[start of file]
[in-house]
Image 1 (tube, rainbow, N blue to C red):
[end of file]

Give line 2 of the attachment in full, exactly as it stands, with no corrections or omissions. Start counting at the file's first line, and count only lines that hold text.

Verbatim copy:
Image 1 (tube, rainbow, N blue to C red):